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‘Friday (Remix)’ Review: A Chaotic Hyperpop Meme Revival for 2021

Single cover for Rebecca Black's "Friday (Remix)."
Single cover for Rebecca Black's "Friday (Remix)." By Courtesy of Rebecca Black
By June Park, Contributing Writer

In her newest single, a remix of her iconic “Friday,” Rebecca Black takes listeners on a chaotic, strobe-light-filled trip to 2010s internet meme culture’s heyday that will have listeners once again unconsciously humming, “It's Friday, Friday / Gotta get down on Friday.” But perhaps more significant feature of this unexpected remix is Black’s reclamation of “Friday'' for herself after dealing with online bullying and mockery since the original song’s release.

February 10, 2021 marked 10 years (or approximately 522 Fridays) since the original release of Rebecca Black’s polarizing yet extremely catchy anthem “Friday.” A few days before this decennial anniversary, Black tweeted that the original “Friday” had been certified gold by the Recording Industry Association of America and that she would be dropping a surprise remix of the song 10 years after its initial release. With features from Dorian Electra, Big Freedia, and 3OH!3, the new version turns the original bubblegum pop song upside down to create the ideal glorious and chaotic hyperpop meme for 2021.

In a stark contrast from the suburban, home video aesthetics of the 2011 version, the new music video’s opening warning for strobe lights hints at the song’s complete transformation. A drastically different, mature version of Rebecca Black now sports leather and blue spikes instead of jeans and backpacks. At the same time, however, the music video makes nods to the original’s meme-like quality by including troll faces and other iconic images that allude to 2011 pop culture. As for the song itself, there is never a dull moment: When the chipmunk-like vocals are just about to become grating, the features from Dorian Electra, Big Freedia and 3OH!3 inject new changes by introducing slower, melodic verses or intense, head-banging rap verses. If the original “Friday” represented the joys of the school bell ringing at 3:00 p.m., this revamped version represents the chaos of late Friday evenings complete with strobe lights, hyperpop vocals, and driving rhythms.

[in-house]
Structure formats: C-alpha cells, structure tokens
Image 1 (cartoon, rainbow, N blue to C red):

With its overload of autotuned vocals and loud electronic instrumentals, the song may not be everyone’s cup of tea, but Black deserves credit for reclaiming “Friday.” Many can remember how Black experienced online abuse and bullying after the song’s unexpected rise to fame when she was just 13. Seemingly overnight, she received hate messages, dislikes, and parodies from all corners of the internet, but with this new remix of “Friday,” Rebecca Black embraces the bizarre, whimsical quirks of the original — even turning them up a notch to make it her own purposefully chaotic song. Despite what the previous backlash for her usage of autotune may suggest, Black can actually sing and make music, as evidenced by her other latest release: the more mainstream, moody pop “Girlfriend.”

As Rebecca Black transitions into making music that she, not the internet, gets to define, this remix of “Friday” is just a fun nod to her unique start in music. Nonetheless, there is no shame in singing along to “It's Friday, Friday / Gotta get down on Friday,” 10 years later.

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